To discover the experiences of Earth Clinic readers with serrapeptase, please scroll down. If you've used serrapeptase, we encourage you to share your story with us!

Serrapeptase Serious Side Effects

1 User Review

Posted by Lad (Mid-Atlantic) on 11/23/2021


Natto and Serrapeptase enzymes are often closely compared and sometimes combined in remedies. BUT I URGE CAUTION TO READERS OUT THERE.

See my earlier comment about how Serrapeptase may actually damage joints further.

Using Serrapeptase to dissolve internal scar tissue can normally be a good thing, (ie endometriosis) unless that kind of scarring is also what patches-up joint damage (ie, splits in synovial tissue layers). Then it can cause more problems. A friend and I both found this out the hard way, repeatedly.

Another thing I am now very surprised to read is that Serrapeptase helps produce more Tumor Necrosis Factor - Alpha (TNF-A).

TNF-A has benefits in normal, youthful balance. BUT, it often gets overproduced with age and really contributes to autoimmune disorders and joint damage.

This may have been another reason why Serrapeptase, (for all its good benefits), was so awful to me and my friend's finger joints. This was in spite of my friend, at first calling it a "natural Ibuprofen." The damage soon followed.

I personally suspect the same, potential joint problems with other, inflammatory-reducing proteolytic enzymes I tried since then. It's just they are not as strong as Serrapeptase.

I would also be very wary of trying Serrapeptase to treat Rheumatoid inflammatory symptoms, because these are often treated with anti TNF-A drugs instead.

But so far, I've not noticed any of these concerns from using Nattokinase alone.

Natto seems to have noticeably improved my leg circulation, which is great news, but that's about it

It still doesn't help my allergies and sinuses like Serrapeptase miraculously did - (but at least it's not further injuring my hands.)

I hate throwing cold water on all the good things about Serrapeptase because it really benefited me too. But it also can have a pretty severe Dark Side for some conditions. So, you've been warned...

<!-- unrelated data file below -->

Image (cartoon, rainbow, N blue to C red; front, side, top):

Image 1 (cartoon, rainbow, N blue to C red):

Abdominal Surgery Scars

1 User Review
5 star (1) 

Posted by Maria (Gippsland, Australia) on 12/01/2011

I have seen great results with serrapeptase on abdominal surgery scars (30 yr old).

Blocked Arteries

3 User Reviews
1 star (2) 

Posted by Mike (Mudgee) on 09/04/2018

Used high doses of serrapeptase for almost 2 years to try and clear blocked carotid arteries, combining this with careful diet and exercise but with no apparent effect as checked with ultra sound.

Replied by Vlad
(New York)

Absolutely useless, I would not give it even one star. I thought I am protected with 120000 units, together with double dose of nattokinase, 200 mg), twice a day ( quite aggressive dosages) from clots, etc. My walking distance due to intermittent claudication would not improve, if not getting worse, which suggests that my PAD is progressing. After realizing that my headaches are caused with narrowing blood vessels I started again baby aspirin (which I previously thought I didn't need thanks to the above supplements) and my headaches miraculously stopped. I appreciate that serrap. helped rats, but it helped me like a poultice to dead body. I also tried citrus pectin, which was short of miraculous for swains' arteries (that research was also funded by NIH), but where are those swains, who saw them?

To be fair, not only these oral enzymes and pectin are useless; same results, if not worse, I got from NIH TACT study of IV EDTA, in which I participated in 2005, after which my 90% open artery successfully closed.

Eventually (for leg arteries) I had to turn for revascularization (no matter how much I wanted to avoid it), and now, three years later, my surgeon is quietly waiting for my return, because he knows damn well that despite all this hoopla about miracle supplements I will come back by the simple reason - I still cannot walk, nor I can spend all my life to develop sufficient collateral circulation.

I also hoped to get rid from sinus infection at the same time, so I stopped washing my nose with antibiotic solution. Regardless of that, and twice a day wash with saline solution after several months of getting nowhere, I realized that I again should start Wilson wash.

So it is not all gold which shines. Keep your hope, but at the same time keep looking for more established remedy.

Lad S.